The 2019 edition of the “Business Barometer: ASEAN CEO Survey”, carried out by Oxford Business Group (OBG), indicates that executives across the region remain largely upbeat about the economic outlook, although skills gaps risk preventing some Asean member states from reaching their full potential.
As part of its survey on the economy, the UK-based global research and consultancy firm asked more than 400 C-suite executives from across industries in Thailand, Indonesia, the Philippines and Myanmar a wide-ranging series of questions on a face-to-face basis aimed at gauging business sentiment.
Investor sentiment appears to be largely buoyant across the four participating countries, with 75 per cent of respondents saying their firm is likely or very likely to make a significant capital investment in the next 12 months.
Confidence was highest amongst business leaders in Thailand (81 per cent) and lowest in Indonesia (72 per cent).
Results were more varied, however, on key domestic issues, such as the competitiveness of the local tax environment.
Just 38 per cent of chief executives surveyed told OBG they believed their tax framework to be competitive or very competitive, while 45 per cent described it as uncompetitive or very uncompetitive.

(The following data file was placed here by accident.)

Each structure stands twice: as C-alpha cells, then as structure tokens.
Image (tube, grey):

Executives in the Philippines were the most critical, with less than one-quarter (23 per cent) of Manila-based respondents expressing a favourable opinion of their domestic tax environment.
Access to credit was another subject that drew mixed responses, with 39 per cent of interviewees across all four participating members of the Asean bloc describing it as easy or very easy, but a larger number (46 per cent) choosing the opposite answers.
While business leaders in Thailand and the Philippines were largely favourable in their views, the overall result was skewed by responses from Myanmar, where more than four-fifths (81 per cent) of executives described accessing credit as difficult or very difficult.
With several Asean economies eyeing tech industries and advanced manufacturing as drivers of new growth, skills gaps are currently a key focus for CEOs in the region.
Executives cited a range of skills as among those they felt to be in high demand across the workforce, led by leadership (33 per cent), engineering (18 per cent), and research and development (14 per cent).
The results are now available to view in full on OBG’s Editors’ Blog at: https://oxfordbusinessgroup.com/…/china-dominant-external-i